Professor of English and 2007 Young Alumni Achievement Award Winner Monica Berlin '95 has published her third book, Elsewhere, That Small. The collection, published by Free Verse Editions at Parlor Press in January, uses poetry to address the relentless nature of day-to-day experiences and ordinariness.
Berlin hopes this perspective will help people be aware of and thankful for where they are. “You can look out the same window for 20 years, and you'll never see the same thing even as it's the most ordinary view,” she said. “There's nothing dramatic about the landscape for a lot of people, and yet, almost every day, I look out [my] window and think, ‘Oh my god, it's so beautiful.’”
The following are excerpts from an interview with Berlin, transcribed as a Q&A.
Who, if anyone, are you trying to reach with your poetry?
When organizing a collection, I think about the reader a lot. When I'm writing the first draft of a poem, I am only thinking about one reader. I think it can get overwhelming trying to speak to every single person, [and] the reader shifts in the book, who I think the reader is. Some of the poems are written thinking about my child who will someday be an adult. Sometimes I'm talking to my students, sometimes to my colleagues, a very specific student or a very specific colleague. Sometimes I'm talking to my dead father, or somebody else's dead father. I do have to keep a very particular person in mind.
[This] is one of the challenges of teaching the workshop. In a workshop, you're talking to everybody, but there are three or four people who you can always count on [to read] at the level you need them to, but you can't ignore the other people in the room. You have to speak to them, too.
How would you describe the relationship between your writing and your teaching?
They're interchangeable now. The energy I use to sit with a student [and] talk about a manuscript is the same energy I use to make a poem.
It took me many, many years to navigate how to write during the term because we only have so much [energy], and then I thought, “No, that's stupid, that's wrong.” It replenishes itself. The more you talk about poems, the more you want to talk about poems, the more you read poems, the more you want to read poems. This is my slogan in workshop: the more you write, the more you write.
One of the incredible things I found in the last decade is that students will try anything. I say, “Let's just try this. See what happens.” They're courageous and brave, [and] because my students have been so willing, I thought, “Well, if they're willing, I can also be willing, right?”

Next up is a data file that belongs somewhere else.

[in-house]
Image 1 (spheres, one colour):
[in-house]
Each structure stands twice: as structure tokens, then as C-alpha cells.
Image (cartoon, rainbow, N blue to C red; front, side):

So I guess the most simple answer is [that] it's this extraordinary environment, working with students in that every time they learn something about a poem, I learned something. I see them do something on the page, and I think, “I want to do that. I have to figure out how to do that.”
What advice would you give to writers who want to write poetry? What about writers who think they can’t write poetry?
Why do you think you can't? What about the poem intimidates you? And is that the poem or is it you? Is it something in your experience that prevents you from being open to it? I love the poem. I love it because it's small, because it doesn't need to be solved.
The poem doesn't have to do anything. It can just look and see. Most of the reason we don't do things is because we think we can't, and, I think like most people, I came to college thinking I would write fiction.
I did not study poetry at all as an undergrad, but when I got to graduate school, I had three [literature] classes, all rooted in poetry. Then I was in a fiction workshop, and the professor kept saying, “What are you doing? What are you doing here?” It was Robin [Metz, co-founder of Knox's Program in Creative Writing,] who said, “You've been writing poems all along. Why don't you learn your craft?” I went to another graduate program after my first and turned to poetry.
Don't think that the poem diminishes fiction; it doesn't. There's room for playwriting and screenwriting and graphic novels or whatever you're working in. We need them all. They all do different things. So, for somebody who wants to write poems and doesn't know how, just try.
More information about Berlin’s book can be found on the publisher’s website.